Date: June 10, 2014
Time: 9:00 a.m. to 1:00 p.m.
Location: FDA White Oak Campus
10903 New Hampshire Ave.
Building 31 Conference Center, The Great Room (Rm 1503)
Silver Spring, MD 20993
On June 10, 2014, FDA is conducting a public meeting on Neurologic Manifestations of Inborn Errors of Metabolism (IEM) Patient-Focused Drug Development. FDA is interested in obtaining patient input on the neurologic/neuropsychological signs, symptoms, and daily impacts that matter most to patients (topic 1), and current available approaches to treat the neurologic manifestations of inborn errors of metabolism (topic 2). The questions for discussion on these topics are below.
For each of these topics, a panel of patients and patient representatives/advocates will present comments to begin the dialogue and will be followed by a facilitated discussion inviting comments from all patients and patient representatives in the audience.
If you are interested in providing comments as part of the initial panel discussion, indicate so during the registration process. Panelists will be confirmed prior to the meeting.
There will also be an opportunity for patients, patient representatives and others to provide comments on issues other than topics 1 and 2 during an Open Public Comment session. Sign up for Open Public Comment will take place the day of the meeting.
Webcast participants will also have an opportunity to provide input through webcast comments.
For more information, refer to the FDA meeting website at: http://www.fda.gov/Drugs/NewsEvents/ucm387057.htm
Questions for Discussion
Topic 1: Disease signs, symptoms and daily impacts that matter most to patients
1) Of all the symptoms that you/your child experiences because of the condition, which 1-3 neurologic/neuropsychological signs and/or symptoms have the most significant impact on you/your child's life? (Examples may include seizures, decreased muscle tone, sensory issues, etc.)
2) Are there specific activities that are important to you/your child but that you/your child cannot do because of these neurologic/neuropsychological signs or symptoms? (Examples of activities may include sleeping through the night, daily hygiene, going up the stairs, etc.)
3) How have you/your child's neurologic/neuropsychological signs or symptoms changed over time?
Topic 2: Patient perspectives on current approaches to treating neurologic manifestations of inborn errors of metabolism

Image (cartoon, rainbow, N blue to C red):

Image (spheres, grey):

1) What are you/child currenty doing to help treat the condition or its signs/symptoms? (Examples may include prescription medicines, herbal therapies, acupuncture, over-the-counter products, and other therapies including non-drug therapies such as diet modification.)
a) How well does this current treatment regimen treat the neurological symptoms of you/your child's disease? For example, how well do the treatments improve you/your child's ability to do specific activities?
2) Assuming there is no complete cure for you/your child's condition, what specific attributes would you look for in an ideal treatment for the condition?
3) The process of informed consent is an important way for researchers to communicate the purpose of a clinical trial, and the potential benefits and risks of the trial so that people can make an informed decision about whether to participate. Informed consent also ensures that parents are fully informed and are given opportunities to ask questions about the clinical trial. In addition to informed consent from parents, assent from children may also be needed. Assent is the term used to describe when a child agrees to be in a clinical trial. Among other considerations, children should be old enough to understand basic facts about the clinical trial in order to provide assent to participate.
a) In the informed consent process, what are important considerations to take into account in cases when the potential participant is a child? For example, how should the informed consent clearly communicate to the patient the potential benefits and risks of a study?